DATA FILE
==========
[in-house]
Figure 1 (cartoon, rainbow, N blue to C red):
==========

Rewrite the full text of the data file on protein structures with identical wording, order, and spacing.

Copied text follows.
[in-house]
Figure 1 (cartoon, rainbow, N blue to C red):